H.G.M. Williamson (b. 1947) notes that Jahaziel’s prophecy is modeled as a “salvation oracle” (Williamson, 1 and 2 Chronicles (New Century Bible Commentary, 297-299). His speech is carefully constructed and closely follows the prescribed speech for a priest before battle (Deuteronomy 20:2-4). The prophecy also met Judah’s needs as it responded to each point in Jehoshaphat’s prayer (II Chronicles 12:5-12) by providing reassurance (II Chronicles 20:15, 17), reasons for confidence - namely that the battle is God’s (II Chronicles 20:15, 17) and precise instructions on how to proceed (II Chronicles 20:16, 17).

Among Jahaziel’s words of encouragement is the assertion that the Israelites will win the battle without engaging in combat (II Chronicles 20:17). For them, this fight was to be a spectator sport as their directions amounted to “Don’t do something, just stand there!” This “strategy” reinforced the king’s reliance on God as the battle became God’s (not Jehoshaphat’s) and God promised to defeat the invaders.

Jahaziel’s oracle also subtly alludes to another time when God famously defended Israelites as the speech has many uncanny parallels to Moses’ charge prior to the Exodus (Exodus 14:13-14). Most notably, Israel won an improbably victory while being onlookers - “Do not fear! Stand by and see the salvation of the LORD which He will accomplish for you today” (Exodus 14:13 NASB).

Judah was to simply assume a defensive position at the Ascent of Ziz and encounter the enemy at the end of the wadi, by the wilderness of Jeruel (II Chronicles 20:16). There, God would fight for them. It is as if God was providing ringside seats for a battle they had bet their lives upon. In this case, doing nothing required a great act of faith.

Gary N. Knoppers (b. 1956) explains:

In other words, the people are to leave the relative safety of Jerusalem, journey into open terrain, and encounter the enemy at a specific location. They are to put themselves in harm’s way, but they are told explicitly not to fight. (Richard S. Hess [b. 1954] and Gordon J. Wenham [b. 1943], “Jerusalem at War in Chronicles”, Zion: City of our God, 70-71).

William Johnstone (b. 1936) expounds:

“The instruction by Jahaziel was not quietism (any more than Jehoshaphat’s prayer was fatalism). It is pure sacramentalism: Israel’s role is totally participatory—it goes fully armed into battle (II Chronicles 20:21); but the battle is the LORD’s. Israel, as the LORD’s host under the LORD’s anointed, is caught up unreservedly and with no volition on its own part into the action of God against the invading hordes of nations. With total openness to God and entire dependence upon him, it is borne irresistibly to victory (compare such sacred battles as Joshua 6 and I Samuel 7).” (Johnstone, 2 Chronicles 10-36: Guilt and Atonement (1 and 2 Chronicles: Volume 2), 101)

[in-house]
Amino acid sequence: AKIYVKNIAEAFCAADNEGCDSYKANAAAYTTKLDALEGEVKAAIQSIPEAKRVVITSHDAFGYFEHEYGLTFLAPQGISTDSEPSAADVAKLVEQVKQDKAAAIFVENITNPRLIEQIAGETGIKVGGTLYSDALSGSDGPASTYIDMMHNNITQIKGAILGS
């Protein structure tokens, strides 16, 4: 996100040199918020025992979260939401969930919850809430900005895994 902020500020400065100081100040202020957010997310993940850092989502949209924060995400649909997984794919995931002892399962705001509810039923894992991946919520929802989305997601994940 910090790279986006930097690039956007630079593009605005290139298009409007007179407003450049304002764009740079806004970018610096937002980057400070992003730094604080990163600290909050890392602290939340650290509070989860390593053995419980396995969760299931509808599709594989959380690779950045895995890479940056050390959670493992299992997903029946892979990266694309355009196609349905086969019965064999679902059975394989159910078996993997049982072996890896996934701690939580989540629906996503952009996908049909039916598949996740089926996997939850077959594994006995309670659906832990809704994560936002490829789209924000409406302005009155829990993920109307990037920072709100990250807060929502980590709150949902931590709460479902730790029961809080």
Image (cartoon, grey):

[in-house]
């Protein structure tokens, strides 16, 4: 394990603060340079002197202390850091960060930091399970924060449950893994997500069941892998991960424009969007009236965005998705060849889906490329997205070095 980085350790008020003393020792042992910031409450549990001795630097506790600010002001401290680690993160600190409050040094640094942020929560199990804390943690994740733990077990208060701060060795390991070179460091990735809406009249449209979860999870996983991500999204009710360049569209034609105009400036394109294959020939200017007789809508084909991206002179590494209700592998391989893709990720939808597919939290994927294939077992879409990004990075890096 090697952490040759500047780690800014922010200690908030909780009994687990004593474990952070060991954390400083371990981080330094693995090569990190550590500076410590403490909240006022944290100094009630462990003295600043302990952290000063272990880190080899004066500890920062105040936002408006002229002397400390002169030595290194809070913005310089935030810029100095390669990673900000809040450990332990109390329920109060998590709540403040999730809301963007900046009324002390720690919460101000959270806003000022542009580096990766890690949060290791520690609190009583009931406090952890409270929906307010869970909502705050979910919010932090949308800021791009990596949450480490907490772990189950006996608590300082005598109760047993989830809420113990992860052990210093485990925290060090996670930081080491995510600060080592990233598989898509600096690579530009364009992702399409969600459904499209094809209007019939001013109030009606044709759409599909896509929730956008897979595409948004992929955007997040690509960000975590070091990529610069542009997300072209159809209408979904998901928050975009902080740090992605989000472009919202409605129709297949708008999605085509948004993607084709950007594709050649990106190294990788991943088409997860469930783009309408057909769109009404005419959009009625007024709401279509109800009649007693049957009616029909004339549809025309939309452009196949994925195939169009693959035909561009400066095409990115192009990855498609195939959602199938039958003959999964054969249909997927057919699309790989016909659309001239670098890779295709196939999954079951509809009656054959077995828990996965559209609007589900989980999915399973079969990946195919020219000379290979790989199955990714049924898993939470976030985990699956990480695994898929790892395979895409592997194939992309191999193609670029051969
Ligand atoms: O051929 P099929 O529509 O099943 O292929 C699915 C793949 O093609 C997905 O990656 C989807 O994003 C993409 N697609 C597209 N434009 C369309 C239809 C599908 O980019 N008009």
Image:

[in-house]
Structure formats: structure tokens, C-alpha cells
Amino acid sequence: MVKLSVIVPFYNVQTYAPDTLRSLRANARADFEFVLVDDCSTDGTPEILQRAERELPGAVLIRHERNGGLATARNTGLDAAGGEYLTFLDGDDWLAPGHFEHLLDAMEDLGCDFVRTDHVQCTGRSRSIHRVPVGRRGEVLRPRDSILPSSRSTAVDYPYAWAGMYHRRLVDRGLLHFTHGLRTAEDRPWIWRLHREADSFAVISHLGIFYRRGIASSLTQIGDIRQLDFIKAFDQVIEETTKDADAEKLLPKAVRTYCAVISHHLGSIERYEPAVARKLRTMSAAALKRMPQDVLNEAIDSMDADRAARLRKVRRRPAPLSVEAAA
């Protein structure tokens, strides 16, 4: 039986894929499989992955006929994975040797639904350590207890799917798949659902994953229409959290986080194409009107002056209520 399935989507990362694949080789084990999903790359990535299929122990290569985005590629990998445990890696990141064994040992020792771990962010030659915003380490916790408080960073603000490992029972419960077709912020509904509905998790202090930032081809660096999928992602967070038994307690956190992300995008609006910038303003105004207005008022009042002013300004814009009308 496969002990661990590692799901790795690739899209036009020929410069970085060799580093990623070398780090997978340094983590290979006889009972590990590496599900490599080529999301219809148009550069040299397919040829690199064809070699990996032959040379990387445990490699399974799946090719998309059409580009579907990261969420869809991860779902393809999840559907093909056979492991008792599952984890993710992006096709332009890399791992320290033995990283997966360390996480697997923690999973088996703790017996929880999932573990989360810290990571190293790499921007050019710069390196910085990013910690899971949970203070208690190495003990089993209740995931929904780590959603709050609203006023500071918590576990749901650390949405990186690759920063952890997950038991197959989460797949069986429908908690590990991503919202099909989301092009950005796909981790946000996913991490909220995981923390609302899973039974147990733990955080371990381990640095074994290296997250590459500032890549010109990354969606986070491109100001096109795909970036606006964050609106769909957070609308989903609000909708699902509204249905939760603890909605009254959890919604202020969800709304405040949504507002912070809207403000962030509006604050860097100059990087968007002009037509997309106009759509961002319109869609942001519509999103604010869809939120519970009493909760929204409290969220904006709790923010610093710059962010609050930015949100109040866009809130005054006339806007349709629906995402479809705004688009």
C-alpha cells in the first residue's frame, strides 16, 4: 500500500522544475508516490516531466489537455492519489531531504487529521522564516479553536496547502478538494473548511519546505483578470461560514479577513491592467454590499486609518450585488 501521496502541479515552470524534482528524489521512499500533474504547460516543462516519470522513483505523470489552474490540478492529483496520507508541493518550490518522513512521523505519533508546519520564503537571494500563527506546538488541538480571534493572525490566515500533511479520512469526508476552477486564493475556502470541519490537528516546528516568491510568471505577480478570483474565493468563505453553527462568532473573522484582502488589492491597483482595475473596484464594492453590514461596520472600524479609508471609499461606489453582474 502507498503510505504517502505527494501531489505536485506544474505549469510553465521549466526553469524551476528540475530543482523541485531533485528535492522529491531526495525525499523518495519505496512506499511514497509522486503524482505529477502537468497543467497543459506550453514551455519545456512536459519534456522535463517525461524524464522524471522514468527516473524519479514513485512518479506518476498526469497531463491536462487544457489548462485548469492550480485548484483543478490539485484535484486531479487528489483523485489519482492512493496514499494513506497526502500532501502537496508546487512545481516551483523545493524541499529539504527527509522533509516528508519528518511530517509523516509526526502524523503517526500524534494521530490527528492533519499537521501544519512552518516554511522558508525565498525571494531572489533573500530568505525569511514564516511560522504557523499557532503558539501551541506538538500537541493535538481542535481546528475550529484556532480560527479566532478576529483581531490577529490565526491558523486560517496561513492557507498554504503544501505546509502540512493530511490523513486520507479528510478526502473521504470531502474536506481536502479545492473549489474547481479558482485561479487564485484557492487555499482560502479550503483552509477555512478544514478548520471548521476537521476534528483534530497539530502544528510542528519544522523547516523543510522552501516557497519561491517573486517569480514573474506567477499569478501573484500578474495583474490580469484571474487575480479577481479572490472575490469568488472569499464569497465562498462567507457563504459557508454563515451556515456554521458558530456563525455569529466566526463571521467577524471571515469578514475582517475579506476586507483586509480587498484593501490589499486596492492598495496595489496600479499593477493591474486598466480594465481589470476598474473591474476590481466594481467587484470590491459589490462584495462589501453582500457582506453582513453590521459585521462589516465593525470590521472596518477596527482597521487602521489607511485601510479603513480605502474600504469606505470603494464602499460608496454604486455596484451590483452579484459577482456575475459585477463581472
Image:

As is often the case, when a courageous person stands alone, Jehaziel was soon joined (II Chronicles 20:18). Morale was boosted, the people obeyed God’s edict (II Chronicles 20:20-22) and God fulfilled his promise as the unholy alliance disbanded and the enemy armies killed one another (II Chronicles 20:23-25). Judah did not fight, but instead worshiped.

It is fitting that a worship leader was the one whose voice rang out as the event marked a worship service, not a battle. Tragedy was transformed into worship. Steven Shawn Tuell (b. 1956) quips, “The advance of Jeshoshaphat’s host is more a liturgical procession than a military maneuver (Tuell, First and Second Chronicles (Interpretation: A Bible Commentary for Teaching & Preaching), 183).”

Simon J. de Vries (b. 1921) concurs writing that God “moves them to a good place of observation; this is like a liturgist moving the worshipers in a procession...This is a model of true worship: to express pure devotion while driving away every demon that assails the faithful (de Vries, 1 and 2 Chronicles (Forms of the Old Testament Literature, Volume XI), 328.”

Roy D. Bell notices that “worship and praise became central to the whole encounter. II Chronicles 20:10 tells us that Jehoshaphat bowed his face to the ground and all the people of Judah and Jerusalem fell down and worshiped before the Lord. The Levites stood and praised the Lord with a loud voice...sometimes our praise is so quiet...that if God were not a supernatural being, He would not be able to hear it. The absence of worship, adoration and praise impoverishes our lives and even our churchgoing (Bell, Biblical Models of Handling Conflict, 61-62.)”

Has God ever reminded you of past successes to comfort you during a present trial? When have you accomplished something just by showing up? Have any of your tragedies been transformed into worship? Is your worship audible?

“Without worship, we go about miserable.” - A. W. Tozer (1897-1963)